19" Shiva Enshrining Yoni-Pitha In Brass | Handmade | Made In India

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Brilliant manipulation – a blend of Shiva’s anthropomorphic form and symbolic Ling, this excellent brass cast: the Shiva-head planted over the Yoni-pitha that by the totality of the vision represents the aniconic Shiva-ling in an absolutely different innovation, and alternately, the Shiva-head complete with goddess Ganga, crescent and Jata-juta – coil of matted hair. Ingeniously conceived the anthropomorphism of the image, when meditated on, seems to melt and a symbolic transform, a ‘ling’, begins emerging in the vision.

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Item Code: XS54
Brass Sculpture
Weight: 15.93 kg
19 inch x 10 inch x 12 inch
Free delivery
Free delivery
Fully insured
Fully insured
Shipped to 153 countries
Shipped to 153 countries
More than 1M+ customers worldwide
More than 1M+ customers worldwide
The artist has used the Yoni-pitha, the statue’s base, as the main instrument of the transformation from anthropomorphic to symbolic and vice verse. Not merely that the eye, the body’s or the mind’s, is used to view Shiva either in his complete personalized form engaged in one act or another, or as aniconic Ling, the Ling and the Yoni are inseparable components of the aniconic Shiva-linga, enshrining thousands of Shiva temples in India and beyond and hence one generates the vision of the other by association.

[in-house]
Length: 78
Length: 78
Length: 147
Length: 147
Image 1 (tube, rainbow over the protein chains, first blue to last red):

Atharva-Veda, Samhitas and Upanishads have seen ‘ling’ as the essence of man – his ultimate being. The artist has wondrously used this Vedic-Upanishadic doctrine perceiving Shiva as its epitome. In union with the Yoni Shiva is the ‘Ling’ but at the same time ‘Ling’ is also Shiva. In iconographic tradition Mukha-ling icons – consisting of any number of faces from one to five, manifest the doctrine of inter-exchangeability of the ‘ling’ and the anthropomorphic ‘face’. Novel as it is, this brass-statue plants over the Yoni-pitha the Shiva’s head, complete with the face, thinking mind and essential attributes, exactly in the same proportion and fashion and with same vertical thrust as the Ling. Thus while representing his head the statue also represents Ling or the Ling’s semblance. With rising neck, the junction point, and coiled hair, the apex, producing vertical thrust, the transformation is naturally effected.

As is the brass-cast, the image’s lower half consists of two parts, an elegantly moulded circular base, the statue’s bottom part that holds on it the rest of the statue, and the Yoni-pitha in all its sublimity installed over it. As Ling is aniconic representation of Shiva, Yoni is Parvati’s. Scriptures unanimously contend that Parvati is ‘Shakti’, the life-source of Shiva, and the essential component of procreation. As Shiva is the ultimate Ling Parvati is the ultimate Yoni, and their union, the incessant act of procreation and the source of all that is good, auspicious and beauteous. Significantly, the artist has anodized the Yoni-pitha and the rest around it in lustrous copper, the colour of deep fire and thereby that of energy and life that Parvati manifests. In Indian tradition snake is the symbol of long life, great agility and inexhaustible energy. The artist has hence anodized the snakes too with the same copper dye – the colour of fire.